Democrat Hillary Clinton will release a proposal Monday that her presidential campaign says will tackle the skyrocketing costs of higher education, ensure students who start college finish with a degree and relieve the burden of student debt.
Clinton’s plan, dubbed the New College Compact, requires buy in from the federal government, states and colleges and universities.
With student debt topping $1.2 trillion and schools raising tuition to make up for cuts in state aid, Clinton’s proposal does not go as far as the progressive wing of her party has called for. Many activists want candidates to embrace debt-free college.
Former Maryland Gov. Martin O’Malley unveiled a proposal a month ago that gives would provide college debt free starting in the next five years in part by calling on states to freeze tuition rates at public colleges and universities and proposing a series of measures that would help those carrying debt. He did not provide a price tag.
Vermont Sen. Bernie Sanders would make four years of public college free by imposing a tax on transactions by hedge funds, investment houses and other Wall Street firms. He estimates that his plan would cost $70 billion a year.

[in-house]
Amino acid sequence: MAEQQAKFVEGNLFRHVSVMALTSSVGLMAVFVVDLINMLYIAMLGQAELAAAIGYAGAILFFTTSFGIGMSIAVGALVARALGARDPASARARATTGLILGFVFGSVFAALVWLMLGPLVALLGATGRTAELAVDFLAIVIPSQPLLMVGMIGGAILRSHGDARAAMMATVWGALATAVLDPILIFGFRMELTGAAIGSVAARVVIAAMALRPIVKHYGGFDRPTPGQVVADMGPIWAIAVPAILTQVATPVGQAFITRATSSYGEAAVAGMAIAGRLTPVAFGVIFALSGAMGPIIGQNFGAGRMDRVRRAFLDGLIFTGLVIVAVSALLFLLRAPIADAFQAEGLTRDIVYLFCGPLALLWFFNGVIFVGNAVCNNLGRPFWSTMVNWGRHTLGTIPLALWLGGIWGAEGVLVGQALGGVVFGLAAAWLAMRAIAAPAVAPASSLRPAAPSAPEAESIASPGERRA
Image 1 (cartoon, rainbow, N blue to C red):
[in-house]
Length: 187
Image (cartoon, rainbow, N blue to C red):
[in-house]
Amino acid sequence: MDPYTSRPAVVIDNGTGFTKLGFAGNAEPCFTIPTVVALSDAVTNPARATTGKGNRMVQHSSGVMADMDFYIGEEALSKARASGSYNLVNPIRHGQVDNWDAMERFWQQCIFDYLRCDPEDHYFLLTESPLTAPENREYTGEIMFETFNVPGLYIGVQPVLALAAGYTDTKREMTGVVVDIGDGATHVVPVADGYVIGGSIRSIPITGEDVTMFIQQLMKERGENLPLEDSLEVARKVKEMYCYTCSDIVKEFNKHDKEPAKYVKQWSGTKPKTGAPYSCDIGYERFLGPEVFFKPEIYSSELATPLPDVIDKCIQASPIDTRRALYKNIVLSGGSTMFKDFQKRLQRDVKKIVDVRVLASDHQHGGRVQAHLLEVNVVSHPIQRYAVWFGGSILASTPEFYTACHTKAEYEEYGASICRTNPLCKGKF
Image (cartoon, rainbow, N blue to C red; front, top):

Clinton’s plan calls for incentive grants to states that commit to expand their investments in higher education. She would let borrowers refinance their student loans to save money and lower the interest rates on federal loans. She would support private colleges, including those that focus on minorities, and expand educational benefits for those who serve their country.
She will also endorse President Barack Obama’s proposal for free community college, which costs $60 billion over than 10 years.
In total, the plan will cost about $350 billion over the next decade and would be paid for by limiting certain tax expenditures for high-income taxpayers. The campaign did not release details of those savings.